Australian PM welcomes ‘moderation’ from Erdogan

Australian Prime Minister Scott Morrison speaks to the media during a press conference at Parliament House in Canberra on March 20, 2019. (AAP Image/Andrew Taylor/via REUTERS)
Updated 21 March 2019

Australian PM welcomes ‘moderation’ from Erdogan

  • Scott Morrison sees President Erdogan's column in the Washington Post as an "overnight progress"
  • The Turkish president had earlier painted the Christchurch attack as part of an assault on Turkey and Islam

SYDNEY: Australian Prime Minister Scott Morrison on Thursday welcomed some “moderation” in President Recep Tayyip Erdogan’s comments in the wake of the Christchurch massacre.
Trying to take the sting out of a diplomatic row that has threatened relations between Australia, New Zealand and Turkey, Morrison pointed to a recent Erdogan column in the Washington Post as progress.
“Overnight, progress has been made on this issue and overnight we’ve already seen a moderation of the president’s views,” Morrison said, citing the article in which Erdogan stepped away from direct criticism of New Zealand.
The Turkish leader — who is in full campaign mode ahead of local elections — still used the article to accuse Western countries of meeting Islamophobia with “silence.”
But Morrison took it as a diplomatic off-ramp nonetheless.
Morrison — who is also in full campaign mode, ahead of a general election — had on Wednesday pilloried Erdogan for his comments in the wake of the Christchurch massacre, describing them as “reckless” and “highly offensive.”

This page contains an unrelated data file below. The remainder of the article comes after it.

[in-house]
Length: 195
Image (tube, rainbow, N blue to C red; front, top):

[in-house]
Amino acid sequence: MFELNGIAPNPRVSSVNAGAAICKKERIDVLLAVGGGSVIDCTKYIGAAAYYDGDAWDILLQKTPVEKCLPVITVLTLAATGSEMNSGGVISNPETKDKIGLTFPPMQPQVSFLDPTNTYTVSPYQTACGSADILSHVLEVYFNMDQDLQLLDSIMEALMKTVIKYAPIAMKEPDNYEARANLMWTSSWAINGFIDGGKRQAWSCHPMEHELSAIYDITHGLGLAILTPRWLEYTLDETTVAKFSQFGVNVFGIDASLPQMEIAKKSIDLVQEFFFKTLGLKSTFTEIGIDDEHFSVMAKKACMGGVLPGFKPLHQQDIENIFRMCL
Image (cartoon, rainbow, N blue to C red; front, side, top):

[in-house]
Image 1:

Erdogan has repeatedly used video footage of the massacre shot by the attacker who killed 50 people and painted the attack it as part of an assault on Turkey and Islam.
He had also warned that anti-Muslim Australians and New Zealanders would be “sent back in coffins” like their grandfathers at Gallipoli, a blood-drenched WWI battle.
His office on Wednesday said the remarks were taken out of context.
More than 8,000 Australians died fighting Turkish forces at Gallipoli, which has a prominent place in Australia’s collective memory.
Morrison had summoned the Turkish ambassador over the comments, dismissing the “excuses” offered and warning that relations were under review.
“I am expecting, and I have asked, for these comments to be clarified, to be withdrawn,” he said.

Rambling manifesto
The gunman’s so-called “manifesto” — a 70-plus page rambling question and answer — mentions Turkey and the minarets of Istanbul’s famed Hagia Sophia, now a museum, that was once a church before becoming a mosque during the Ottoman empire.
Three Turkish nationals were wounded in the rampage that killed 50 worshippers at the mosques in the southern New Zealand city.
“President #Erdogan’s words were unfortunately taken out of context,” Fahrettin Altun, communications director for the Turkish presidency, claimed on Twitter.
Altun said Erdogan’s comments were in “a historical context of attacks against Turkey, past and present.”
“Turks have always been the most welcoming & gracious hosts to their #Anzac visitors,” he added, referring to Australian and New Zealand veterans and families who are expected to travel there for the anniversary on April 25.
Erdogan has built his political base on being a champion of Muslim Turks. For most of the last century, the country’s government has been avowedly secular.
Like leaders in Iran and Russia, Erdogan has also played on a sense that Turkey — the inheritor of the once-mighty Ottoman Empire — has not been given enough respect on the international stage.